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11. May. 2016

Spotlight on Joe Jackson


In the lead up to the 2016 edition of the TD Vancouver International Jazz Festival, Coastal Jazz asked various members of the jazz "family" to share their thoughts about artists who will perform at the festival. Today, marketing consultant Emma Lancaster talks about her newfound love for British iconoclast Joe Jackson. 



“The album [Fast Forward] combines the beauty and intelligence of his best earlier work with a new quality: warmth, generosity, possibly even contentment. I find it more moving than anything he’s released in a long time..”—Sarah Larson, The New Yorker



When I drew the straw of writing about Joe Jackson, I was afraid in a way that I was not when writing about Sarah McLachlan and case/lang/veirs. I have a very… conflicted relationship with the piano (thanks, Royal Conservatory of Music), and in my mind, Joe Jackson is primarily a pianist. So I started researching, and in the process was reminded just what a cool, unpredictable guy Joe Jackson is. Sarah Larson’s excellent New Yorker article and some deep YouTube holes kindled a burning desire to see his Jazz Festival opening show on June 24, where he’ll open for himself on the piano and then be joined by his killer band.

Jackson grew up in Portsmouth, England, in a working-class family mostly uninterested in the arts. At school, he apparently felt like a misfit: bad at sports and socially unredeemed by his talent for violin and piano. He got a scholarship to the Royal Academy of Music, in London, where he studied percussion and gradually grew sceptical of the contemporary classical scene. All throughschool, in his teens and 20s, he played gigs, alone and with bands, determined to make a living as a musician.



In 1979, Look Sharp introduced him to a pop audience with his completely different sound. “Is She Really Going Out With Him” was a snotty breath of fresh air at the end of a decade marked by prog-rock excess and punk rock fury. I'm the Man (containing the title track and “It’s Different For Girls”) followed within a year by 1980’s darker, more reggae-influenced Beat Crazy. (Jackson was, after all, a percussionist.)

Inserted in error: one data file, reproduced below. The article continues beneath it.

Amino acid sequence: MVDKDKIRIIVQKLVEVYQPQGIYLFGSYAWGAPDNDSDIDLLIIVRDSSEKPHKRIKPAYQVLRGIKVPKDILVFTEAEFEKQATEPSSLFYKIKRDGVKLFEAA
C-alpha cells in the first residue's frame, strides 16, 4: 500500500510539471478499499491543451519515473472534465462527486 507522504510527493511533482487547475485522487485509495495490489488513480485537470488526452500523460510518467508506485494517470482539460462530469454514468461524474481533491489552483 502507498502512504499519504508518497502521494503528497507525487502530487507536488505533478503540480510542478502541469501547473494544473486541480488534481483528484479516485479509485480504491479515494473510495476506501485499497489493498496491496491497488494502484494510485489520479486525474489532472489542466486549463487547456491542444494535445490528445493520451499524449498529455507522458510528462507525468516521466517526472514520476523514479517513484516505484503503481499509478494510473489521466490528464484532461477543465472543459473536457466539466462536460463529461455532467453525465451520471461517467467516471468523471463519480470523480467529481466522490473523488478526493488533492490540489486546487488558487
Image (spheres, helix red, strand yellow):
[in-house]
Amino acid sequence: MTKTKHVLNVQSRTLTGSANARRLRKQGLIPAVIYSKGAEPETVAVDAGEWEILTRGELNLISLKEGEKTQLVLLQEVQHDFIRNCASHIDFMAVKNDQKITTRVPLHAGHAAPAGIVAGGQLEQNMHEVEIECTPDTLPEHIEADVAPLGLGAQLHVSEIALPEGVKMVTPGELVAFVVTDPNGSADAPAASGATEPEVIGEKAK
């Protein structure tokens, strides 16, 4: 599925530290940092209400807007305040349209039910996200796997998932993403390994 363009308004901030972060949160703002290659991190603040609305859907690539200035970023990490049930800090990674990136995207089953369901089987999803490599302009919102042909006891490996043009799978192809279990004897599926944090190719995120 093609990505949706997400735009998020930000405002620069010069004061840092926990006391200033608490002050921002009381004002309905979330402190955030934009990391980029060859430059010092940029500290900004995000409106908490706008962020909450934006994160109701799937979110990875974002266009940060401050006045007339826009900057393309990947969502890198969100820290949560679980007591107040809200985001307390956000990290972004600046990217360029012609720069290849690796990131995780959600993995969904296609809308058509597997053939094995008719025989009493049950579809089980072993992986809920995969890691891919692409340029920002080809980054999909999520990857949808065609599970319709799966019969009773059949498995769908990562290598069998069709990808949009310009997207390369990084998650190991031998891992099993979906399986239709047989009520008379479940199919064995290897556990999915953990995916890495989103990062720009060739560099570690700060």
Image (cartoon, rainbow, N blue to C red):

In 1981 Jackson tried something new, recording Jumpin' Jive, a 'musical vacation' paying tribute to Swing and Jump Blues artists such as Louis Jordan and Cab Calloway. His New York album, Night and Day was sophisticated and urban sounding—and inescapable if you were alive at the time. “Steppin’ Out”, “Breaking Us In Two” and “Real Men” were mega-hits, and the record went platinum in the US. Jackson relocated to New York City, and his next album Body and Soul (1984) was in a similar vein to Night and Day but featured a horn section (which, along with the Blue Note-inspired cover art, led many people to assume he'd made a jazz record).

He spent the 1990s creating personal, challenging and eclectic work. The turn of the century saw a burst of creativity: Jackson won his first Grammy (Best Pop Instrumental Album for the non-traditional, non-orchestral Symphony No.1) and he released his book A Cure For Gravity. In 2003 Jackson astonished everyone, including himself, by re-forming the original Joe Jackson Band for a stunning new album, Volume 4, and a tour. He made his first film appearance, as a pub pianist, in The Greatest Game Ever Played, which also features some of his music.He was also awarded a Fellowship by the Royal Academy of Music and an Honourary Doctorate by the University of Portsmouth.

In 2006 he turned his attention back to pure song writing and did a short trio tour with Graham Maby and Dave Houghton. He then moved to Berlin, where his next album Rain was recorded in 2007. His current release Fast Forward (2015) was recorded in New York, Amsterdam, Berlin, and New Orleans, and features first-class guest musicians including Bill Frisell, Brian Blades, Earl Harvin, and members of Galactic.

That recent album is astonishing. Really highly recommended, as is a deep dive into this eclectic artist’s back catalogue. From a gig I was not too excited about to a gig I’m totally stoked for, all in a couple of days of research—I hope I’ve saved you the research and gotten you excited for what promises to be a really inspiring, and inspired, show.





Joe Jackson's site.

Amazing New Yorker article 

Live Show on WFUV 

Writing in Spiked about rebellion 

Discography at 


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    commented 2017-09-09 05:57:12 -0700
    That’s simply wonderful when Jazz performers collaborate with one another especially at TD Vancouver International we cannot take our eyes away this is stunning Jazz Festival of a big scale. Professional artists can make rhythm, harmony and melody sound in a new way. Collaboration is always great when you work with professionals.